United States of America, Plaintiff-appellee, v. Michael Taylor, Defendant-appellant, 749 F.2d 1511 (11th Cir. 1982)Annotate this Case
United States Court of Appeals,Eleventh Circuit.
Jan. 8, 1985.
Stanley M. Baum, Atlanta, Ga., for defendant-appellant.
Craig A. Gillen, Asst. U.S. Atty., Atlanta, Ga., for plaintiff-appellee.
Appeal from the United States District Court for the Northern District of Georgia.
Before TJOFLAT, HILL and ANDERSON, Circuit Judges.
Michael Taylor appeals his convictions for possessing with intent to distribute hashish, 21 U.S.C. § 841(a) (1) (1982); possession of a firearm by a felon, 18 U.S.C. app. Sec. 1202 (1982); and possession of a firearm without a serial number. Id. He claims that his convictions were the product of prosecutorial vindictiveness. We disagree and affirm.
On March 31, 1982, FBI agents arrested Taylor at his apartment in Atlanta, Georgia on a federal fugitive warrant from the Eastern District of Pennsylvania. The agents, with Taylor's consent, searched his apartment and seized cocaine, hashish, a revolver, and a "pen gun." After Taylor expressed a desire to dispose of all the federal charges pending against him by pleading guilty in one proceeding, he was indicted in the Northern District of Georgia on one count of possession of cocaine with intent to distribute, and the case was transferred to the Eastern District of Pennsylvania pursuant to Fed. R. Crim. P. 20. Taylor declined to plead guilty in that court, however, and consequently his cocaine case was transferred back to the Northern District of Georgia.
Taylor thereafter moved to suppress the cocaine the FBI agents had seized from his apartment. A magistrate, following an evidentiary hearing, denied his motion, concluding that he had consented to the search. Pursuant to a stipulation, the case was tried to the district court on the record made at the suppression hearing. The court found Taylor guilty of possession of cocaine with intent to distribute and sentenced him to fifteen years imprisonment, the maximum sentence for that offense. On appeal, however, we reversed, concluding that the evidence was sufficient to prove mere simple possession, a misdemeanor, not possession with intent to distribute, a felony. United States v. Taylor, 710 F.2d 839 (11th Cir. 1983). On receipt of the mandate, the district court resentenced Taylor to one year of imprisonment.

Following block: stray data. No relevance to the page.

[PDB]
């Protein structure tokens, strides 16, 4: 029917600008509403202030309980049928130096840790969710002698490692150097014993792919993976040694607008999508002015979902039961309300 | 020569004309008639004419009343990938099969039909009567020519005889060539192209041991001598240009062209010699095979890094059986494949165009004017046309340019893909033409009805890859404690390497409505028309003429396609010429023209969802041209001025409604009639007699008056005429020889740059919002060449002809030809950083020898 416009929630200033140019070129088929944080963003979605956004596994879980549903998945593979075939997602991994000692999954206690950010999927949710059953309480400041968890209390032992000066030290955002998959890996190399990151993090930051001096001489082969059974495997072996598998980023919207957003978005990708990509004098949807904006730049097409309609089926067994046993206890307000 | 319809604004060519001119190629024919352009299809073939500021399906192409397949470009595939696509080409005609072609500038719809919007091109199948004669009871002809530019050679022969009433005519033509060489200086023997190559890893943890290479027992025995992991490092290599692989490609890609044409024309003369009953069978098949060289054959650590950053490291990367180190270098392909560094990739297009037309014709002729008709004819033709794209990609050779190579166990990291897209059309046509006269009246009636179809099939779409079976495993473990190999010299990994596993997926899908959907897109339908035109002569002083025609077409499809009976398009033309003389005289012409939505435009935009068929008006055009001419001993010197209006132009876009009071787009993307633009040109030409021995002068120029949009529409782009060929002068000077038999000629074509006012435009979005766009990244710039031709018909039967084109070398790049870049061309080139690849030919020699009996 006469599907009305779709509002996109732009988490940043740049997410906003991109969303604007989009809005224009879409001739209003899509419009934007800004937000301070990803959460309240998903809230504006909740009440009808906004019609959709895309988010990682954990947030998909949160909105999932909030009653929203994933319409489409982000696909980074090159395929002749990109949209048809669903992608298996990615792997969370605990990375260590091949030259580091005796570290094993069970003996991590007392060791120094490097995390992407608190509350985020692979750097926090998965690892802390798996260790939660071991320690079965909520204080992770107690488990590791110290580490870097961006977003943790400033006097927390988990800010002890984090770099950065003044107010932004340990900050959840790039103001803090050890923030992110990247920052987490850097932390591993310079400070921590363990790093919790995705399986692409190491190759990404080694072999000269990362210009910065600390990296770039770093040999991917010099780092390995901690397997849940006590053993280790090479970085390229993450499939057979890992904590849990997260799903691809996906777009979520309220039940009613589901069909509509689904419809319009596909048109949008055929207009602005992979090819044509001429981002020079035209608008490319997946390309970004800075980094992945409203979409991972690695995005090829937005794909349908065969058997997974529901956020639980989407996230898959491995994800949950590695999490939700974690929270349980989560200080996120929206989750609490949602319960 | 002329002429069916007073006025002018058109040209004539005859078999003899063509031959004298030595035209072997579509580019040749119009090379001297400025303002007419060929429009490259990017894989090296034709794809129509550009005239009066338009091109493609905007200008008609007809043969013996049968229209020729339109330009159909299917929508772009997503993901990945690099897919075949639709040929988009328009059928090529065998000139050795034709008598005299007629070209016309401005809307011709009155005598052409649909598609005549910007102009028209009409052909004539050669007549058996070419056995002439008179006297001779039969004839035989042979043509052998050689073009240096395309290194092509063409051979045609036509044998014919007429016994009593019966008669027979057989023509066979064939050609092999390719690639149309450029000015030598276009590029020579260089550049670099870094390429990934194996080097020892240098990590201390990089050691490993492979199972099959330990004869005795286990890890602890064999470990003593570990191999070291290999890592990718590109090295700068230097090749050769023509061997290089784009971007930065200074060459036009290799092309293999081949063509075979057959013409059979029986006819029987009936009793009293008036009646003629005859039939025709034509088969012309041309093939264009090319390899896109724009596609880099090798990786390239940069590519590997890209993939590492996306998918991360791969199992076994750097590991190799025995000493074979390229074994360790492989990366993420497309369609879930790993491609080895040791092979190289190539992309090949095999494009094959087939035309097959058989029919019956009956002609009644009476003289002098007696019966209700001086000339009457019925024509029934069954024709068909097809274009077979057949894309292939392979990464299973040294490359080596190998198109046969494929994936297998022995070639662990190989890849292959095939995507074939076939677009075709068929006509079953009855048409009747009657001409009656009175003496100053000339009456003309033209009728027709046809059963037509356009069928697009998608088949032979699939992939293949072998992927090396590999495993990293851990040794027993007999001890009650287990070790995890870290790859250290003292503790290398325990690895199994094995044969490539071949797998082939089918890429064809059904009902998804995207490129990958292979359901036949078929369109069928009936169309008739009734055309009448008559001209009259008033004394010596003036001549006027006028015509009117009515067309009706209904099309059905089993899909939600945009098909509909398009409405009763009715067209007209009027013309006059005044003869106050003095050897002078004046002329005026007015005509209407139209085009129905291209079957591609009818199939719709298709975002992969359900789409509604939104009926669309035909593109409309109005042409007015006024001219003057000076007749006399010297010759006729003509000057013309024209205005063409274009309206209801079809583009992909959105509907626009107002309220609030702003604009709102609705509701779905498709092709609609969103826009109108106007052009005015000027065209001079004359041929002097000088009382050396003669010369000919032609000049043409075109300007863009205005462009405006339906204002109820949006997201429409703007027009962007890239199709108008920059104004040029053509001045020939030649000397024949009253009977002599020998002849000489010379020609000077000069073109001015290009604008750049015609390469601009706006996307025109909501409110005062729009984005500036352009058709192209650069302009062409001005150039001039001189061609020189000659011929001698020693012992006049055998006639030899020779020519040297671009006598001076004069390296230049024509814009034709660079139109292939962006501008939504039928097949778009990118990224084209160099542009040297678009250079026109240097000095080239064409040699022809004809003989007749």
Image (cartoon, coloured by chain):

Shortly thereafter, Taylor was indicted on the four felony counts now before us, based on the hashish and firearms the agents seized, along with the cocaine, from Taylor's apartment on March 31, 1982. These four charges exposed Taylor to a maximum possible punishment of twenty-seven years imprisonment. Taylor moved to dismiss the indictment on the ground of prosecutorial vindictiveness. The motion was referred to a magistrate. The magistrate held an evidentiary hearing and concluded that the government had failed to prove lack of prosecutorial vindictiveness. He therefore recommended that the district court dismiss the indictment.
The government objected to the magistrate's recommendation, and the district court took additional testimony. It concluded that there was no prosecutorial vindictiveness, rejecting the magistrate's contrary recommendation, and denied Taylor's motion to dismiss the indictment.
Following a bench trial, Taylor was convicted as charged and sentenced to a total of ten years imprisonment, with a fifteen-year special parole term. This appeal followed.
Taylor contends that the government failed to carry its burden of showing, by objective evidence, no vindictiveness in its decision to prosecute him on the four additional charges following his successful appeal of his cocaine conviction. He maintains that these additional charges were known to the government and could have been brought at the time it charged him with possession of cocaine with intent to distribute.
The government argues, in response, that the initial indictment was based on Taylor's agreement to plead guilty in Pennsylvania under Rule 20, and that that indictment was not superseded by an enlarged indictment prior to trial due to an agreement between the parties to allow Taylor to litigate the validity of the FBI search and to preserve that issue for appellate review. The government therefore claims that its motive in indicting Taylor for the additional offenses was not to punish him for his successful appeal but to ensure that he received a sentence commensurate with his criminal activity, as contemplated in the agreement leading to the original trial stipulation.
In recommending that Taylor's indictment be dismissed, the magistrate cited United States v. Goodwin, 457 U.S. 368, 102 S. Ct. 2485, 73 L. Ed. 2d 74 (1982), and United States v. Spence, 719 F.2d 358 (11th Cir. 1983), for the proposition that prosecutorial vindictiveness is presumed whenever a prosecutor brings more serious charges following the defendant's exercise of procedural rights, providing the circumstances demonstrate actual vindictiveness or a realistic fear of vindictiveness, and concluded that the government had failed to overcome that presumption by showing no vindictiveness in its decision to bring the new indictment. The district court, also relying on Spence, concluded that the new indictment involved criminal activity "separate and distinct" from that charged in the original indictment, that, under these circumstances, Taylor's rights to due process were violated only if the prosecutor acted with "actual vindictiveness" in bringing the new indictment, and that the record showed no actual vindictiveness on the part of the government. On this record, the district court's conclusion was correct.